Strawberry, Cream Cheese and Pretzel Squares

Hands on time: 20 minutes                Total Time with Cooling: 3 1/2 hours

Makes 1-13×9 inch pan, about 15-20 servings

  • 2 cups finely crushed pretzels (Pulse in the food processor)
  • ½ cup sugar, divided
  • 10 T. butter (1 stick + 2 T.), melted
  • 1½ pkg. (10 oz. total) PHILADELPHIA 1/3 less fat Cream Cheese, softened
  • 2 Tbsp. milk
  • 1 cup thawed COOL WHIP Whipped Topping
  • 2 cups boiling water
  • 1 pkg. (4 servings) JELL-O Brand Strawberry Flavor Gelatin
  • 1 pkg. (4 servings) Sugar Free JELL-O Brand Strawberry Flavor Gelatin
  • 1½ cups ice cold water (ice cubes are fine)
  • 1 qt. (4 cups) strawberries, sliced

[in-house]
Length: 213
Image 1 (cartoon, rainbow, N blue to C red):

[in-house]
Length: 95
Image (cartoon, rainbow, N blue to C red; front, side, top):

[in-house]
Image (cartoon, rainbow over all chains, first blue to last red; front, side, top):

• 1 cup blueberries, if desired

Pretzel Layer: Preheat oven to 350°F. Mix pretzel crumbs, 1/4 cup of the sugar and all the butter. Press into bottom of 13×9-inch baking pan. Bake 10 min. Cool.

Cream Cheese Layer: Beat cream cheese, remaining 1/4 cup sugar and the milk until well blended. Gently stir in whipped topping and blueberries (if using).  Spread over cooled crust. Refrigerate until ready to use.

Strawberry Jello Layer: While the above layers are in the fridge, stir boiling water into dry gelatin mix in large bowl for at least 2 minutes, until completely dissolved. Stir in ice cold water (it is fine if ice cubes are still in the water, they will melt).  Put bowl in the freezer for 20 minutes, then remove and stir in strawberries. Pour cool jello over the cream cheese layer, and allow to solidify in the fridge for about 3 hours.  Slice in squares and serve with a fork.

Adapted from Brown Eyed Baker, originally adapted from Kraft

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Bunnies, Chicks and Eggs, Oh my!